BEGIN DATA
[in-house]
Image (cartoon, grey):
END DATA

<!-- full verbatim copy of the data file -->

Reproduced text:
[in-house]
Image (cartoon, grey):